BRIEFLY NOTED: For 2021-05-29 Sa

Things that went whizzing by that I want to remember...

First: Wilhelmine China

A decade or so ago I had a line about how there were three big potential storm clouds on the horizon–clouds that would probably dissipate, but that we should all fear. They were the (then distant, and now thankfully still distant) possibilities of: (1) Weimar Russia (ex-superpower that thought it had been snookered by the west at the end of a struggle), (2) National Hinduist India (casting Muslims in the historical role traditionally reserved for the Jews), and (3) Wilhelmine China–a rising economic superpower, ruled by a class that had lost its social role, and that contemplated busying giddy minds with foreign quarrels as a way to distract popular attention from internal problems and debates.

Let me highlight this. Why? Because Martin Wolf has also been worrying about Wilhelmine China. The problem is that a social class that has lost its role–whether it is the Prussian aristocracy before 1914 or the cadres of the CCP today–knows that it has lost its role, and fears what the future brings. The task of United States (and Japanese, and Korean) foreign policy has to be to persuade the cadres of the CCP that they have much more to gain from an Eastern Pacific that lives up to its name rather than from a new cold war in Asia–or a hot one:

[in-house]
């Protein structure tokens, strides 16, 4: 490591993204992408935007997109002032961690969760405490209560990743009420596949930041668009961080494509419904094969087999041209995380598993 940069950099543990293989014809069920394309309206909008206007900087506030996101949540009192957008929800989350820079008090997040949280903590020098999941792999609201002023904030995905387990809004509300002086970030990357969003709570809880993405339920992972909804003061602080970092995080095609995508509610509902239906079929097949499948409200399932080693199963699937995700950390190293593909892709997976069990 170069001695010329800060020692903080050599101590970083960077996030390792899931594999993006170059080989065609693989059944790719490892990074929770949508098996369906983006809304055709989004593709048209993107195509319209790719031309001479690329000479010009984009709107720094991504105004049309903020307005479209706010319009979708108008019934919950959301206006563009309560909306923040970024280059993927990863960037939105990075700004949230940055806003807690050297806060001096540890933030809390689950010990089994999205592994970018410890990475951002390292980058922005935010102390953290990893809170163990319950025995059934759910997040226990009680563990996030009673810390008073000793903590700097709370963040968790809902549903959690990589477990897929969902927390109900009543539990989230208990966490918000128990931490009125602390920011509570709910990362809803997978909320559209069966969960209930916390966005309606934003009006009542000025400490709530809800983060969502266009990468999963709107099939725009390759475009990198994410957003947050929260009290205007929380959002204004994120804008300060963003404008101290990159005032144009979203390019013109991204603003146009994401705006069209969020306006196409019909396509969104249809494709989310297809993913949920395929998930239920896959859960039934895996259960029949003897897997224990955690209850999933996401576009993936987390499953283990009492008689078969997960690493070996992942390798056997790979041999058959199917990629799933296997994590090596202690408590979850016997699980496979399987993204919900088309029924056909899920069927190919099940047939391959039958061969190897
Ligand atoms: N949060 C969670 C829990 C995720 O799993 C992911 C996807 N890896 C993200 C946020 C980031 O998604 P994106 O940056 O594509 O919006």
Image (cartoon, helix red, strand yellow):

Martin Wolf: China Must Not Copy the Kaiser’s Errors: ’Will we sustain an open global economy while also managing tensions between a rising autocracy and democracies in relative economic decline? That was the question posed by the arrival of imperial Germany as Europe’s leading economic and military power in the late 19th century. It is the question posed today by the rise of communist China…. We know how this story ended in 1914. How will the new one end, a century later? China’s decision to create an “East China Sea air defence identification zone” that covers uninhabited islands currently under the control of Japan (called Senkaku by Japan and Diaoyu by China) is evidently provocative: the two countries’ air defence zones now overlap. Neither Japan nor South Korea recognises the new zone, which China seems prepared to defend. The US does not recognise the zone either, and is bound by treaty to support Japan…. The risk of a ruinous conflict again exists…. Why would the Chinese president take such a provocative action?… This was just the question raised by Norman Angell, the English liberal, in his 1909 book The Great Illusion. Angell did not argue, as some allege, that war among the European great powers was inconceivable…. He argued instead that a war would be fruitless, even for the victors…. Mr Xi should think again—and halt…

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One Video:

For thirty years I have wanted a computer that was a tablet when I needed it to be, and that I could plug in a keyboard when I wanted one. The Microsoft Surface never quite got there for me. Now here we have Christopher Lawley claiming that the iPad Pro now has:

Christopher LawleyiPad Pro 2021 Review: The Only Computer I Need <>


Very Briefly Noted:

Share Brad DeLong's Grasping Reality


I kinda suspect this restaurant owner would have a very difficult time surviving in a world in which workers have at least some pricing power: